In 2003, Milch – having finished his network TV writing duties – approached HBO with the idea for a series set in Rome based around an exploration of the Cross of Christianity as the organising principal of a newly forming society. Unfortunately HBO had a project in the works called ‘Rome’ and so with a little re-working the setting became the Dakota plains and the organising principle became gold… and Deadwood was born. A gritty, raw and realistic show, Deadwood blended history and fiction into a wonderfully layered drama that transcended the Western genre it inhabited. In an interview, Milch said Deadwood was about “a fiction that is agreed upon”. In other words, the history of gold is that of society coming together and universally agreeing a mineral excavated from the ground is worth a certain amount. He was fascinated with the supposed history of the west and the perception of gold as answer to all life’s problems, which was explored throughout the show.

While only lasting three seasons, Deadwood earned wide critical acclaim and a loyal fan base, also winning eight Emmy Awards (in 28 nominations) and one Golden Globe, plus numerous other awards for cast and crew. Variety TV critic Brian Lowry described Deadwood as “a vulgar, gritty, at times downright nasty take on the Old West brimming with all the dark genius that series creator and screenwriter extraordinaire David Milch has at his fingertips.”

The popularity of adult, quality, serialised drama was growing – and at the heart of all the popular new shows was the writer as the creative driving force. And soon, this modernised role would face another evolution to that of ‘showrunner’. Arguably the closest thing to an auteur in television, the showrunner is responsible for all aspects of writing and production on a TV show. He, she (or sometimes ‘they’) not only write the show, but must ensure each episode is on time and on budget for both the studio producing the series and the network broadcasting it. With such a high pressure role, a competent showrunner can make a huge difference when it comes to managing not just the creative aspects of the show, but the relationship between network and studio. According to Shawn Ryan, creator of FX’s The Shield: “If the network trusts you to do the job you’ll get a lot of creative freedom, if they sense a void in leadership they’ll rush in to fill it.”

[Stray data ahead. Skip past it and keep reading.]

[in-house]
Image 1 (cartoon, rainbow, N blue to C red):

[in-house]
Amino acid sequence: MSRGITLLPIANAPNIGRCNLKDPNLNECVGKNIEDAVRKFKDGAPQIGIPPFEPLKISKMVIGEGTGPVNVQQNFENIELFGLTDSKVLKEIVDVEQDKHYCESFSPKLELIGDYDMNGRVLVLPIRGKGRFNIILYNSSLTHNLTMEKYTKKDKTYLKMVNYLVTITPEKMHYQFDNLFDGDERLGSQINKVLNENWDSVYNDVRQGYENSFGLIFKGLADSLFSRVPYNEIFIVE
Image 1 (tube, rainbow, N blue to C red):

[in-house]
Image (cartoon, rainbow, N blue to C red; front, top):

With writers in such a pivotal position within the industry, the position of show runner has seen them become an essential part of how the landscape of modern television has been shaped. The medium has undergone many changes in recent times, from the proliferation of reality TV shows and an increase in the number of online, satellite and cable channels, to the new dominance of streaming platforms like Netflix and Amazon Prime. However, with more technology and platforms, there is now even more opportunity and demand for high quality drama, with new talent able to emerge through amateur or lower budget projects that are easier to produce than ever before.

The professional writer is as important as ever, vital in drawing large audiences to shows, whether on cable, streaming or network television services. Quality written drama and comedy remains one of the most sought after ingredients to every schedule and, with bigger budgets, greater marketing presence and the new trend of releasing whole seasons in one go, the pressure has never been greater for showrunners. All of which has seen writers cemented their position as the kings of television.